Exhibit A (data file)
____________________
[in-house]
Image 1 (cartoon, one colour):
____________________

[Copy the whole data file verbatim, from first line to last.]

[in-house]
Image 1 (cartoon, one colour):